China, Korea in talks to make Ahn Jung-geun film

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China, Korea in talks to make Ahn Jung-geun film

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Ahn Jung-geun

Korea and China are expected to join hands once more to honor Korean independence fighter Ahn Jung-geun (1979-10), this time through a movie project between the two nations led by a top Chinese film director.

The Korea-China Friendship Association and others involved in the project confirmed that the two countries are pushing to recruit popular Korean and Chinese actors to recall Ahn’s life. The Korean nationalist assassinated Hirobumi Ito, the first Japanese resident general of the peninsula, on Oct. 26, 1909, at a railway station in Harbin, China.

Zhang Yimou, an award-winning Chinese film director and producer, is currently being eyed to direct the movie, according to Lee Sei-kee, a former unification minister and senior adviser to the ruling Saenuri Party, who is also the chairman of the Korea-China Friendship Association.

With Zhang attached to the project, it is hoped that the movie will draw an international audience.

“Director Zhang said that in the film he would try to introduce and convey to future generations Ahn Jung-geun’s ideology, as well as his vision of love for the nation and peace in East Asia,” Lee said. “[He also hopes] the movie will further advance friendly cooperation between Korea and China.”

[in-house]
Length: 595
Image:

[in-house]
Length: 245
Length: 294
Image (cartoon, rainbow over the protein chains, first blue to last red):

“Last year, director Zhang and I visited Korea, and he readily agreed to the movie’s production. ... The life and spirit of Ahn Jung-geun - who, at the young age of 30, gave his life for the sake of independence in his home country - transcends one nation, and is plenty of material to move both Korean and Chinese people,” added another Chinese source who is involved in the project.

Zhang has directed a number of internationally recognized films with top stars, including “House of Flying Daggers” (2004), starring Zhang Ziyi, and “Hero” (2002), starring Jet Li.

His last film, “The Flowers of War” (2011), starring Christian Bale, tells the story of a foreign man who seeks refuge in a church with a group of women during Japan’s Rape of Nanking in 1937 during the Second Sino-Japanese War.

Zhang currently resides in the United States and just wrapped up his latest movie. He is expected to enter detailed negotiations for the Ahn project when he returns to China next month.

Kim Young-ho, a professor at Dankook University and the former minister of industry and energy, who is also a research expert on Ahn, is expected to serve as the film’s primary scriptwriter.

In January, China opened a memorial hall to honor Ahn in Harbin at the location where Ito was fatally shot. Chinese President Xi Jinping told President Park Geun-hye in bilateral talks earlier this week on the sidelines of the Nuclear Security Summit in The Hague that the memorial hall was constructed under his “direct instruction.”

In 1979, China and North Korea also collaborated on a film about the Korean independence fighter. Ahn was executed by Japanese officials on March 26, 1910, at age 30, and is recalled here and in China as a hero and martyr who fought for peace in Asia.

The Japanese government responded antagonistically to the opening of the memorial hall, with Chief Cabinet Secretary Yoshihide Suga calling Ahn “a terrorist.”

BY YEH YOUNG-JUNE, SARAH KIM [sarahkim@joongang.co.kr]


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